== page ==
(627a) Using Microbial Consortia to Increase the Productivity of Algal Open Ponds

Authors: 
Gomez, J. A., Massachusetts Institute of Technology
Höffner, K., Massachusetts Institute of Technology
Barton, P. I., Massachusetts Institute of Technology

In March 2015, the United States pledged to cut its carbon emissions 26-28% by 2025 [1]. To achieve this goal, the development of cheap biofuels is necessary. First generation biofuels are obtained from food crops. The realization that these biofuels are only slightly better than traditional fossil fuels regarding environmental impact combined with their competition for food resources prompted research on second-generation biofuels which are obtained from waste biomass [2]. The most promising technologies for second-generation biofuels production are based on microbial conversion of biomass into lipids. Preferred characteristics of the microorganisms are high specific growth rate, high lipids to biomass yield, high cell density, ability to use complex substrates, affinity to substrate, and low nutrient requirements [3]. These characteristics are found in some strains of microalgae.

Microalgae are attractive because some strains accumulate up to 50% dry weight in lipids [4]. Also, algae do not compete for food resources, they can be grown on wastewater and/or seawater, and they are up to one order of magnitude more efficient than higher-order terrestrial plants in capturing sunlight [4], [5]. Despite their huge promise in reducing greenhouse gas emissions, algal biofuels are not yet economically feasible as closed photobioreactors incur high capital and operating costs, and cheap open pond systems have low biomass and lipids productivities. Open ponds have low productivities because they are CO2 limited and they are susceptible to invasion by undesirable microorganisms. In this paper we introduce the idea of using microbial consortia to counteract these limitations.

Traditionally, CO2 limitations have been addressed by sparging flue gas [6], [7], and no real solution has been provided to invasion. Microbial consortia can address both limitations. First, microbial consortia provide resilience by utilizing resources more efficiently compared to an algal monoculture, making pond invasion by undesirable species more difficult [8]. Second, symbiotic relationships can be established between microalgae and other microbes in which the microbes convert carbon sources into CO2 and algae absorbs the CO2 into biomass. Therefore, algae ponds can become feasible in locations far away from flue gas sources.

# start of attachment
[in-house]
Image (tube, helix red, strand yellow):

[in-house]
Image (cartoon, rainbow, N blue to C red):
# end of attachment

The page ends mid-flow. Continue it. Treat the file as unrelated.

The lack of predictive and reliable models of dynamic bioprocesses has halted the exploration of novel strategies to improve productivities, such as microbial consortia. Dynamic flux balance analysis (DFBA) provides a way of exploiting equipment process models and genome-scale metabolic networks to make predictions of novel system behavior [9], [10], [3]. Recently published simulators enable reliable and efficient simulation of DFBA systems [11], [12]. In this paper we use the High-Rate Algal Pond model [13], [14] and DFBA to model an algae/yeast coculture and explore its benefits. Results show that microbial consortia can make algae ponds economically feasible in locations far away from flue gas sources, but with available agricultural waste.

Keywords:Algae pond, microbial consortia, raceway pond, dynamic flux balance analysis, synthetic ecology.

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